Stephen Hawking’s ventilator has been donated to the Royal Papworth Hospital in Cambridge to help treat patients with coronavirus.
The physicist, who had motor neurone disease, died in 2018, aged 76.
His daughter, Lucy Hawking, said: “Our father received brilliant, dedicated and compassionate medical care from both Royal Papworth and Addenbrooke’s Hospitals in Cambridge.
“As a ventilated patient, Royal Papworth was incredibly important to my father and helped him through some very difficult times.
“We realised that it would be at the forefront of the Covid-19 epidemic and got in touch with some of our old friends there to ask if we could help.
“After our father passed away, we returned all the medical equipment he used that belonged to the NHS but there were some items which he bought for himself.
“We are now passing them to the NHS in the hope they will help in the fight against Covid-19.
“As a family, the NHS has always played a huge part in our lives.
“We are fully aware of the dedication and commitment of NHS staff to helping people in need.
“At this time, we would ask that everyone supports NHS staff in every way possible.
“We would urge people to take social distancing seriously.
“We all need to do our bit, whatever that may be.”
The Royal Papworth Hospital has expanded its critical care department to more than double its usual size due to the increasing number of coronavirus admissions.
It has received additional supplies of ventilators from the NHS but – after a check by the hospital’s clinical engineering team – has added the ventilator donated by the Hawking family to its fleet.
Dr Mike Davies, clinical director for respiratory medicine at Papworth, said: “It was lovely to hear from the Hawking family again and we are so grateful for them for donating this equipment.
“We are now extremely busy caring for patients who are critically ill with Covid-19 and the support we are receiving from patients, their families and the local community means a great deal.”
An Asteroid Bigger Than The Empire State Building Poses ‘No Danger’ On Saturday Night, Says NASA – Forbes
A huge near-Earth asteroid will pass our planet tonight at a safe distance of 3.2 million miles, according to NASA.
After a spate of doom-laden headlines the space agency felt the need yesterday to update a previous post about near-Earth asteroids with the following note:
“Asteroid 2002 NN4 will safely pass by the Earth on June 6 at a distance of approximately 3.2 million miles (5.1 million kilometers), about 13 times further away from the Earth than the Moon is. There is no danger the asteroid will hit the Earth.”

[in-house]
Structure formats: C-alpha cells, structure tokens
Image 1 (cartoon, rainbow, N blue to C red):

Asteroid 2002 NN4’s closest approach to Earth will be at 11:20 p.m. EDT. on Saturday, June 6, 2020.
NASA also tweeted the same advice:
NASA Asteroid Watch then tweeted this image of the asteroid’s trajectory:
How big is Asteroid 2002 NN4?
Asteroid 2002 NN4 is huge. Measuring between 820 feet and 1,870 feet (250 meters to 570 meters) according to Space.com. New York City’s Empire State Building is 443.2 meters tall, including its antenna.
That’s over a dozen times bigger than the asteroid that exploded over Chelyabinsk, Russia, in 2013. That was the biggest meteor for over a century.
Would asteroid 2002 NN4 be dangerous if it hit Earth?
Yes—asteroid 2002 NN4 is city-killer size, but it’s not going to cause any harm to anyone.
Wishing you clear skies and wide eyes.
Crew Dragon with two NASA astronauts docks to ISS – TASS
NEW YORK, May 31. /TASS/. The Crew Dragon spacecraft with Doug Hurley and Bob Behnken on board has successfully docked to the International Space Station (ISS), as follows from a NASA broadcast on Sunday.
The spacecraft began approaching the ISS about two hours before docking than was carried out 10:16 ahead of the schedule. The Crew Dragon spacecraft was launched using the SpaceX Falcon 9 rocket at 22.22 pm Moscow time on May 30 from the Cape Canaveral, Florida.
Crew Dragon is a configuration of the cargo spacecraft Dragon, which had already delivered cargoes to the ISS. A Falcon-9 rocket put the cargo vehicle in space on March 2. Its docking with the ISS was carried out automatically the next day.
NASA stopped crewed flights in 2011 after the Space Shuttle program came to an end. From that moment on all astronauts were delivered to the ISS and back by Russia’s Soyuz spacecraft. Originally the Untied States was to start using commercial spacecraft for crewed missions in 2017.
Toddler could be battling rare syndrome in response to COVID-19 – Winnipeg Free Press
More than a month after testing positive for COVID-19, a Winnipeg toddler is fighting another illness – a possible rare inflammatory syndrome that could be part of the body’s reaction to new viruses.
The girl’s mother told CBC News doctors are trying to find out whether the one-year-old has developed Kawasaki disease, or multi-system inflammatory syndrome in children, now that she is negative for COVID-19 but is still seriously ill.
To read more of this story first reported by CBC News, click here.
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